|John and Gerry's Orchids of Britain and Europe|
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This Serapias was first described from Palermo, Sicily in 1837 and its name appropriately means small flowered - it is one of three species that make up the S. parviflora group.
Although S. bergonii populations sometimes produce plants that are small lipped, the overall flower
and hood configuration rarely reproduces the same appearance as S. parviflora and it's usually a relatively easy Serapias to distinguish .
This is not a common species and unlike many of its relatives is rarely found in significant colonies. For this reason it is probably an under recorded plant, being overlooked amongst drifts of its more prolific cousins. Its range is large, covering a similar area to that of S. lingua IE :- from Spain and Portugal through North Africa and the Mediterranean to the Aegean but also including an unusual Atlantic outpost in the Canary Islands.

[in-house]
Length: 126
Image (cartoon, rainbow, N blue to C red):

Another and more surprising outpost is on the coast of Cornwall, though the means of its hop across the English Channel from Brittany are a matter of considerable debate. Unfortunately, no matter how the species found its way to the UK, its adopted site is far from secure and agricultural pressures are now jeopardizing the plants future. It has failed to appear recently.
The illustrations come from Rhodes, Sicily, Monte Argentario in Tuscany and the Gargano peninsula. They
all date from the month of April but the species may be found in flower right through to June.